The number one train is eight minutes out. This is what the digital sign said at the 231st Street station. It would be tight. I promised Mira I would be there at 11 a.m. And I knew Mira would leave at 11:05 if I didn't appear. That was Mira.
Staring down from the elevated platform, I could see some students from my literature class hurrying down Broadway. What would they say if they knew what I was doing? One of those students down there--Maria Romero--had definite opinions about unfaithful men. “Men cheat. After they get caught, then they tell you they want to break up. Men are pigs.” She’d go on about it whenever a short story got anywhere near the theme. I felt exempt from the judgment, so I could joke with her. “Is there something you want to tell us about your weekend, Maria?” No more of that.
I tell myself I’ve done nothing wrong yet. I’m just going downtown to see an old friend.
I glanced at the sign again. “Don’t,” it said. Did it really? “Don’t” what? These subway announcements were never helpful.
I looked back up quickly, and now the sign said “6 minutes.”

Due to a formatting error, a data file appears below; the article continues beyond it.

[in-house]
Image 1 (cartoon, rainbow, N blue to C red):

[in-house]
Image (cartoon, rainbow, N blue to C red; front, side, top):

If my wife asked me to explain what I was doing having coffee with an ex-girlfriend, I had worked out an answer. The invitation was posted on Facebook, after all: “Let’s have coffee sometime!” A public message board. Nothing to be ashamed of -- all in the open. Would they have exchanged messages in public like that if they were hiding anything?
I wouldn’t mention how Mira had gotten in touch with me out of the blue, saying she was a widow and she’d like to meet up. I wouldn’t say that in our Facebook messages, and then email exchanges that followed, that I didn’t mention a wife. Yes, there had been email exchanges too.
“What’s that, Windbreaker?” Dave said.
Bringing Dave was a good idea. He had some shopping to do on the West Side. “Dave needed running shoes. I went with him” -- that was plausible and specific. On the down side, he called me “Howie Windbreaker” because he heard my mother yell it out a third-story window 20 years before. “Howie! You need your Windbreaker!” She dangled it out the window after me. “Howie, Windbreaker!” I never lived that down.
“Nothing. I just thought the sign had some kind message on it,” I said.
“It does: Five minutes,” Dave said, looking at it.